Healing At The Seashore
Tue, 08/31/2010
Special to The Jewish Week
In remission from leukemia, a medical student embraces nature, taking her books to the sunny, sandy beach of Tel Aviv.
In remission from leukemia, a medical student embraces nature, taking her books to the sunny, sandy beach of Tel Aviv.

During my medical school training in Tel Aviv, I used to grab my books, head to the beach, and study in the sun. While my fellow colleagues locked themselves up in the library or their bedrooms, I chose to study outdoors.

Lying out on the sand in the sun had a calming affect on me, allowing me to reflect on where I had been and where I was going. The ocean breeze would rejuvenate me, bring me an intense joy, and for the first time in a long time I finally felt alive. Sitting on the beach and gazing out at the horizon ahead as the clear blue waves of the Mediterranean Sea hit the white-hot Ramat Aviv sand in Israel, I remember thinking how lucky I am.

I did not always think of myself as lucky, though. When I was 18, I was diagnosed with acute lymphoblastic leukemia. I went through a challenging 2½ years of chemotherapy, while others my age enjoyed the excitement of college life. With help from family, friends, my doctor and God, I went into remission and finished my bachelor’s degree in biology in three years.

Just two months after completing my chemotherapy treatment, I made a bold decision to go to medical school in Israel. It was a decision that I made rather spontaneously, and it surprised many of my family members and friends.

To understand why I had made this decision I think back to a promise that I made to myself and to God the moment I walked out of the hospital after spending nearly two weeks there shortly after being diagnosed with cancer.

I still clearly remember how it felt the moment I walked outside and felt the crisp air for the first time in 12 long days. The feeling that I could go home with another chance at life was overwhelming. Compared to how dim and stale everything appeared while staring out the window from my hospital bed, the air outside moved valiantly and colors appeared so much brighter and more vibrant than I had ever remembered.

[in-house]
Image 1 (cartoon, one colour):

That was the first time in my life that I cried tears of joy. I felt hope for the first time in two weeks, and although I knew the battle was not over, and that I had over two more years of chemotherapy left, I somehow knew at that exact moment that I was strong and that I would make it through.

I was grateful to be alive in a way that only one who has faced death can truly understand. I was high on life and I never wanted that feeling to go away. I made a promise at that moment to never let a day go by without going outside and enjoying the feeling of the wind against my cheek, the bright colors, and all the sights and sounds that our unbelievable world has to offer. I made a promise to live each day with the same invigorating love for life that I had at that moment when the hospital door closed behind me.

Going to medical school in Israel was my way of fulfilling that promise. To be able to learn to heal others in an environment where nature’s wonders surround you, is truly a gift. Medical school tends to be a time of closing yourself off within the four walls of your library and reading books about life instead of living it.

In Israel, I was able to take my books with me as I traveled, and even study on the beach near my university. My friends and colleagues often wondered how I could sit on the beach every day and study as the sun blindingly blocks the printed words on the page. It was challenging, but it was my way of keeping the promise I had made to myself about living life to its fullest every day. It was my way of communicating with God and nature, and coming to terms with who I was, where I came from, and where I was headed.

Staring out at sea while being in medical school in Israel really brought me back to life. The ocean breeze allowed me to feel that I was not alone, and that God was pulling for me to make it through. Lying out on the Tel Aviv sand, I was able to appreciate how lucky I was to be at that point in medical school so soon after coming so close to nearly dying of cancer. I was elated to be in Israel, and so grateful to be alive.

While learning how to heal others, God, via the air and sun of Israel, had healed me.

Dr. Deborah Friedman is TK